“To have this come along and to be able to send these kids out to play on the field at Nat Bailey Stadium, it’s just a once-in-a-lifetime opportunity.”Former MLB star Ryan Dempster treats young B.C. ball players to a day at Nat Bailey Stadium — Global News
Fifteen minor league baseball teams have filed a lawsuit alleging breach of contract by insurance providers after being denied claims for business-interruption insurance due to the coronavirus pandemic.MiLB teams sue insurance providers over denied virus claims — HardballTalk | NBC Sports
Fifteen minor league baseball teams have filed a lawsuit alleging breach of contract by insurance providers after being denied claims for business-interruption insurance due to the coronavirus pandemic.
Major League Baseball announced Monday that it will attempt to play a 60-game regular season, but its minor league clubs – many under threat of losing affiliations amid negotiations with MLB – are unlikely to play until at least 2021.
Minor league franchises said in the suit filed Tuesday that even though they continue to pay yearly premiums to insurance providers for business-interruption insurance, they have been denied coverage after Baseball Commissioner Rob Manfred indefinitely suspended their seasons in March.
Minor league teams are mostly small, independently owned businesses, and their model depends on affiliates receiving players, coaches and other team personnel provided by major league clubs.
Government restrictions on mass gatherings are also precluding minor league teams from hosting fans at their ballparks, by far the greatest source of revenues for those franchises. Over 40 million fans attended minor league games involving 176 affiliates last season.
The suit claims teams are stuck with over $2 million in expenses on average, including as much as $1 million in ballpark lease payments, marketing costs, food and beverage supplies, and salaries and benefits for permanent employees.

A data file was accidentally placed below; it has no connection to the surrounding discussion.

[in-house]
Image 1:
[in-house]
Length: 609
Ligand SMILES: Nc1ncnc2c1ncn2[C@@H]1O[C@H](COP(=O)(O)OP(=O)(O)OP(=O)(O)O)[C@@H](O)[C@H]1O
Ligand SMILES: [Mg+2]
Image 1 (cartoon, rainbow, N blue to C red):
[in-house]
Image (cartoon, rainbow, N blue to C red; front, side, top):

Teams say providers are citing two reasons for denying claims – because losses are not resulting from direct physical loss or damage to property, or because policies include language excluding coverage for loss or damage caused by viruses.
Teams say the loss of use of their ballparks due to government restrictions on fan gatherings and their inability to obtain players qualifies as physical loss. They allege the latter clause is void because it’s unenforceable and inapplicable.
The likely loss of the 2020 season comes at an already challenging time for the minors. The Professional Baseball Agreement between MLB and minor league team owners is set to expire after this season, and MLB proposed reducing the guarantee minimum of affiliates from 160 to 120.
The suit, filed in U.S. District Court in Philadelphia, names Philadelphia Indemnity Insurance Co., Acadia Insurance Co., National Casualty Co., Scottsdale Indemnity Co., and Scottsdale Insurance Co. as defendants. Defendants did not immediately responded to requests for comment.
RIP to Dolores “Dolly” Brumfield White, who was the Joe Nuxhall of the All-American Girls Professional Baseball League. She started as a 15-year-old in the AAGPBL and spent seven seasons in the league. Her death was announced on May 29 — she had just celebrated her 88th birthday three days prior. White played for the […]Obituary: Delores Brumfield White (1932-2020) — RIP Baseball
The NPB season will be played without fans. Teams can being practice games on June 2.Japanese Baseball to begin June 19 — HardballTalk | NBC Sports
Japanese League commissioner Atsushi Saito announced that Japan’s professional baseball season will open on June 19. Teams can being practice games on June 2. There will be no fans. Indeed, the league has not yet even begun to seriously discuss a plan for fans to begin attending games, though that may happen eventually.
The season will begin three months after its originally scheduled opening day of March 20. It will be 120 games long. Teams in each six-team league — the Central League and Pacific League — will play 24 games against each league opponent. There will be no interleague play and no all-star game.